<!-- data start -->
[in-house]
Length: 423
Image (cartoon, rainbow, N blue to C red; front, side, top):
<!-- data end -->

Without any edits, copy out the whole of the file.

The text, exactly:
[in-house]
Length: 423
Image (cartoon, rainbow, N blue to C red; front, side, top):